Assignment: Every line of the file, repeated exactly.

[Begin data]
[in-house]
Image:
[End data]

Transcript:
[in-house]
Image: